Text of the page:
Spaceflight Insider

AR-22 engine fired 10 times in as many days

An AR-22 engine during testing at NASA's Stennis Space Center on June 27, 2018. Photo Credit: NASA

An AR-22 engine during testing at NASA’s Stennis Space Center on June 27, 2018. Photo Credit: NASA

Boeing’s Phantom Express had its AR-22 rocket engine put through its paces over the course of more than a week via tests to ensure the engine’s ability to accomplish the space plane’s objectives. It is hoped these tests will pave the way for the spacecraft to carry out missions to space with a pace similar to that aircraft currently carry out today.

Aerojet Rocketdyne conducted some 10 tests of the engine over the course of 10 days ( from June 26 through July 6, 2018) at NASA’s Stennis Space Center located in Mississippi. The location of the test reflects just one of the partnerships that have formed to develop the Phantom Express space plane.

The U.S. Defense Advanced Research Projects Agency (DARPA) as well as aerospace giant Boeing are the primary customer and contractor involved in the production of the spacecraft with Boeing both designing and developing the Phantom Express space plane. The project hearkens back to the era when NASA’s fleet of space shuttles were used to send an array of payloads to orbit.

 “With the AR-22 we are taking reusability to the next level and have demonstrated that daily, affordable access to space is within reach,” said Eileen Drake, Aerojet Rocketdyne CEO and president via a company-issued release.

The AR-22 engine is fueled with a mixture of liquid-oxygen and hydrogen is described by Aerojet Rocketdyne as being capable of unleashing an estimated 375,000 pounds of thrust.

“Phantom Express is a disruptive, reusable launch system. Successfully completing this highly demanding rocket engine test series validated a new level of booster capability for this transformational launch vehicle,” Drake said. “Turning the AR-22 within 24 hours repeatedly over 10 days demonstrates the capability of this engine and the ability to enable rapid, responsive access to space.”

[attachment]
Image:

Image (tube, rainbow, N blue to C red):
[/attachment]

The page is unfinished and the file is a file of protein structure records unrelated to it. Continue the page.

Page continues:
Aerojet Rocketdyne technicians inspect the first AR-22 rocket engine at the Aerojet Rocketdyne facility located at Stennis Space Center. The engine was built for Boeing as part of the U.S. Defense Advanced Research Projects Agency Experimental Spaceplane program. This new Boeing spaceplane, called Phantom Express, is intended to demonstrate a new paradigm for more routine, responsive and affordable space access. Photo courtesy of Aerojet Rocketdyne

Aerojet Rocketdyne technicians inspect the first AR-22 rocket engine at the Aerojet Rocketdyne facility located at Stennis Space Center. The engine was built for Boeing as part of the U.S. Defense Advanced Research Projects Agency Experimental Spaceplane program. This new Boeing spaceplane, called Phantom Express, is intended to demonstrate a new paradigm for more routine, responsive and affordable space access. Photo & Caption Credit: Aerojet Rocketdyne

The pace of these tests was enabled by technicians, who review the data and then carry out inspections of the engine to insure it was ready for to be activated again.

Each test lasted for approximately 100 seconds and according to Drake the partnership between these various organizations could potentially see a revolution in terms of how certain aspects of low-Earth orbit (LEO) space operations are conducted. “With the Defense Department and commercial sector anticipating a shift toward constellations of smaller satellites that can be replenished quickly, the Phantom Express is the right program at the right time for the nation.”

Similarly to how NASA’s retired fleet of shuttle orbiters carried out their missions, Phantom Express would be launched vertically and then conduct landings horizontally on a runway. The vehicle’s second stage is planned to be expendable and would be able to deliver an estimated 3,000 pounds (1,361 kilograms) worth of payload to LEO.

Phantom Express, was formerly known as the XS-1, and is being developed in order to field smaller satellites for the U.S. military. It is hoped that the space plane can carry out flights daily. These tests have demonstrated that, at least in terms of its engine, the Phantom Express might be one step closer to accomplishing that objective.

The AR-22 engine is based off of legacy hardware, in this case the Space Shuttle Main Engine or SSME. It was announced that Aerojet Rocketdyne had been awarded the contract to produce the engine in May of last year (2017). Parts from the SSME from both Aerojet Rocketdyne’s and NASA’s supplies were used to produce two of the AR-22 engines.

 

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Jason Rhian spent several years honing his skills with internships at NASA, the National Space Society and other organizations. He has provided content for outlets such as: Aviation Week & Space Technology, Space.com, The Mars Society and Universe Today.

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